Opinion: Cory Booker, Friend of NJ Tech, Runs For President
As Cory Booker made his announcement on Friday that he would be running for president, NJTechWeekly.com couldn’t help but look back at some of our interactions with Booker, who championed the fledgling tech startup ecosystem in Newark early on.
Frankly, we believe that Booker has supported New Jersey tech, especially startups in the state, at every turn. Please leave comments if you disagree.
Our evidence: Booker, who has always been known for his upbeat political messages, gave rousing talks to small groups of developers who showed up for events such as a hackathon to jumpstart the City of Newark’s website in June 2013 (see below). He spent time talking to and encouraging each and every team in the building, posing for photos with them, and expressing genuine interest in their work.
He showed up, if not in person, then by virtual address, at many important tech events in New Jersey, including Propelify in Hoboken. He supported Newark Venture Partners. He championed science and technology in Newark schools. In May 2018, Booker participated in the opening of a 10,000-square-foot STEM center at Newark Public Schools headquarters. He was also part of the team that helped put Newark on the short list for Amazon HQ2.
Booker, who also became a startup founder himself, took some criticism for his ties to a social media website called “Waywire,” with a stake of more than $1 million, highlighting his involvement with tech moguls and entrepreneurs, according to an article published in The New York Times. Waywire didn’t make it, but Booker never lost his entrepreneurial spirit.
Minority-Focused Hack for Charity in April 2013
In our story Newark Caps Off Big Tech Week with Minority-Focused Hack for Charity, we described Booker’s support of developers at this hackathon. The article by Alan Skontra stated:
“Newark, a city transitioning to an aspiring tech Hub, celebrated Newark Tech Week — a full four days of tech-themed events capped off by a minority-focused hackathon at the Rutgers Business School on April 6 and April 7, 2013.
“Washington, D.C.-based Blerdology — a name that evokes the science of self-described “black nerds” — organized the hackathon, called #blackhack Newark, which featured entrepreneurs, programmers, experts and a visit from Newark Mayor Cory Booker.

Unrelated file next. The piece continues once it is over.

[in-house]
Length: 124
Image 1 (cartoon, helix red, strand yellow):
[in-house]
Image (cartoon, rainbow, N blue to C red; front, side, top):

“Mayor Booker’s attendance at the event was notable, an acknowledgment that Newark’s growing tech ecosystem is coalescing.
“‘I am incredibly encouraged by what’s going on here today,’ said Booker. ‘This is the kind of community that creates dynamic change in cities; it’s as simple as that.’
“More than 50 people attended the two-day hack, with over 20 of them participating. Nearly half the participants were Rutgers students. They divided into four teams and worked on projects including the brand notification app Loud Whisper and a crowdfunding platform for philanthropists called Capital Cause.
“In addition to Rutgers Business School (specifically, the Center for Urban Entrepreneurship & Economic Development), Blerdology partnered with MailChimp, Brick City Development Corp. (BCDC), Newark consultants Medina Citi and Washington energy efficiency firm Opower to organize the hack.
“Together they raised proceeds to benefit the Center for Collaborative Change (Newark)
Dark Fiber, Startups and Gov. 2.0 at May 2013 TechVoice Breakfast
In 2013, we also covered then Newark Mayor Cory Booker’s discussion of technology at a breakfast meeting on May 5, hosted by the newly formed tri-state chapter of the technology industry lobbying organization TechVoice. The following is from our story Booker Talks Newark’s Dark Fiber, Startups and Gov. 2.0 at TechVoice Breakfast.
“Booker was introduced as both a mayor and a tech entrepreneur — he is a founder of Waywire, a N.Y.-based startup that focuses on online video curation.
“While his remarks touched only briefly on the goal of the meeting — to have small and midlevel tri-state tech companies’ voices heard in Washington on topics like immigration reform — Mayor Booker did speak about how to make Newark attractive to tech companies and how government initiatives using big data are transforming cities like his.
“Booker said he had asked startup leaders in Silicon Valley why they are there or aren’t in N.J., the ‘innovation state.’ He was told they liked the proliferation of bars, restaurants, galleries, sports teams and concert opportunities in Silicon Valley.
“Newark, and New Jersey in general, Booker said, are becoming places that can attract tech entrepreneurs. ‘We have the raw material here, from great universities to an incredibly educated population. We have to focus on the cities where we have the infrastructure,’ he added.
“Said the mayor, ‘My team is in awe of the dark fiber running right through Newark … we are becoming the fastest city as far as giving innovators and entrepreneurs … high-speed connectivity.